We have developed a strategy for how the HRA will involve patients and the public in our work and how we will use our influence to increase the amount and quality of public involvement in health research more widely. We published our initial strategy in October 2013 and invited feedback on it to the end of December 2013.
Thank you to everyone who contributed comments on the strategy or who attended the two workshops we ran in November 2013. We have used the feedback to develop an action plan to take the strategy forward in 2014 and 2015.
The aims of the HRA’s Public Involvement Strategy are to:
- Improve the quality of decision making in the HRA by involving patients and the public in our own work, and
- Improve the quality of research the HRA approves by using its influence to ensure that more health research involves patients and the public
We believe that involving patients and the public in health research will improve it by ensuring it is relevant to the needs of patients and more likely to have an impact on their health and wellbeing.
Public involvement means that work is undertaken ‘with’ or ‘by’ patients and the public rather than ‘to’, ‘about’ or ‘for’ them.
This allows you to have a say in decisions about the way health research is planned, designed, delivered, developed, evaluated, managed and regulated. It also means patients and the public are actively involved in the conduct of research studies.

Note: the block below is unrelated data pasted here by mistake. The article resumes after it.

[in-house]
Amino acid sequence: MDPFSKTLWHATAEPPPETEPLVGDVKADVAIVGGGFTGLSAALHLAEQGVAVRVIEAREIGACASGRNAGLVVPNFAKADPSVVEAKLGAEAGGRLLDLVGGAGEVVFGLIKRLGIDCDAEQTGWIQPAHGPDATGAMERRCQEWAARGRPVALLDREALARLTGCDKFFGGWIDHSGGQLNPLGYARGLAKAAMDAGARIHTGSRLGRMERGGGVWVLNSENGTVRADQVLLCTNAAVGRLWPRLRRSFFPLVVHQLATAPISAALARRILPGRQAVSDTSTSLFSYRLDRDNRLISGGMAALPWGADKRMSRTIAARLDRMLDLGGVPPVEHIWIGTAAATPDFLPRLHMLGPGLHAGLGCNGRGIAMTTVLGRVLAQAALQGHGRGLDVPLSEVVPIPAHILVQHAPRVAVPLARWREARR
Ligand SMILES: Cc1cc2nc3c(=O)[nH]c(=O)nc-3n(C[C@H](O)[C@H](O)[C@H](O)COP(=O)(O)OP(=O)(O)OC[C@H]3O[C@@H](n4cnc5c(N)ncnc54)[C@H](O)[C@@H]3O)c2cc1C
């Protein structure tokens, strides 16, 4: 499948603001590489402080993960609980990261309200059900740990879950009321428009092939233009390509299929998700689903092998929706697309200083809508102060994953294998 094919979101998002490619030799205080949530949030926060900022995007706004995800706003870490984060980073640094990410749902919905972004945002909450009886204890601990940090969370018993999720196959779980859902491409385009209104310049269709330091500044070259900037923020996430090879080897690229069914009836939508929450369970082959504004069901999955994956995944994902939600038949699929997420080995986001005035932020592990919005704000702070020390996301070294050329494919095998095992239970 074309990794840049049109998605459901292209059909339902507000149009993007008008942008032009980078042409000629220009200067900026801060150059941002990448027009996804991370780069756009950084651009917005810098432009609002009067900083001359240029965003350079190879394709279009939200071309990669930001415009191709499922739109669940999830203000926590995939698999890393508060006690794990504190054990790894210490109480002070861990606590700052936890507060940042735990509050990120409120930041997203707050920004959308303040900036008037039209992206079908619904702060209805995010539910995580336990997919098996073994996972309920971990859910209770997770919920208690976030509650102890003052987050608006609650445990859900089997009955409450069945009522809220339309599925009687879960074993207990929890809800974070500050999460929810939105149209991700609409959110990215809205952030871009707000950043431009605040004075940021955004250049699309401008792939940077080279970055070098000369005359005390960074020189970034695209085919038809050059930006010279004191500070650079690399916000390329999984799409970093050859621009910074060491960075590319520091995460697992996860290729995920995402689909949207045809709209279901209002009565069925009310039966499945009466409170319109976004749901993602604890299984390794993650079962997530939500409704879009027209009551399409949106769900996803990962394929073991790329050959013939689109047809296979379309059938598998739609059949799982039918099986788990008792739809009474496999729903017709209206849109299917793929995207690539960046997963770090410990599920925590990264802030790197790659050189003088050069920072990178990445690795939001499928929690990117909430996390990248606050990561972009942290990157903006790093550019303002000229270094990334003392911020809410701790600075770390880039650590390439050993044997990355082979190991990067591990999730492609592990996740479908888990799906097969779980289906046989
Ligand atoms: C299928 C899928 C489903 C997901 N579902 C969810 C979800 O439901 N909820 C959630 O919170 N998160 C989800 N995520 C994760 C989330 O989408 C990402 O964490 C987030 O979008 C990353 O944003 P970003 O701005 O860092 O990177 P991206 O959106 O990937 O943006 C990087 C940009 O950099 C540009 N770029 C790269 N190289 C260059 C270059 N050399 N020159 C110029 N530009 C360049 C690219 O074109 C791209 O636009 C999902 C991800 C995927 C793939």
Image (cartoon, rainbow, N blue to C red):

By public involvement, we do not mean participation, where people are recruited to and take part in research studies as the subjects of the research, and contribute the information or data used to answer the question being addressed.
HRA and INVOLVE report: Public involvement in research applications to the National Research Ethics Service (NRES): Comparative analysis of 2010 and 2012 data
All applications to the HRA’s research ethics service ask researchers about public involvement in the study. This jointly commissioned report, offers the first comparative analysis of responses to the public involvement questions detailed in the application form completed by researchers seeking ethical approval by a Research Ethics Committee.
The study looked at applications made by non-commercial funded Studies (for example, National Institute for Health Research (NIHR), medical research charities and research councils) and studies funded by commercial organisations (pharmaceutical companies) in 2012 and compared them to 2010 applications.
Key findings of the report
- For non-commercially funded studies, in 2012, 40% of researchers reported involving or intending to involve the public in their research – up from 29% in 2010.
- 40% of researchers continued to misunderstand the question on public involvement and instead described plans for engagement or participation
- The remaining 20% said they had no plans for involvement
- For commercial studies, in 2012, 5% reported plans for involvement – up from 2% in 2010.
- 20% incorrectly described engagement or participation activities as involvement– down from 31% in 2010.
- 75% reported that they had no plans for involvement – up from 67% in 2010.
The report forms part of a body of work carried out by the HRA and INVOLVE to further patient and public involvement within health research and makes a series of recommendations. These primarily focus on how Research Ethics Committees (RECs) and funders can help researchers understand what public involvement is, how it benefits health research and how it differs from engagement.
The full report and recommendations can be found here.